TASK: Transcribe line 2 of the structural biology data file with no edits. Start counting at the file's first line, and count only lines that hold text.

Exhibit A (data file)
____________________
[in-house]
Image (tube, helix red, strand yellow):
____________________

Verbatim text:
Image (tube, helix red, strand yellow):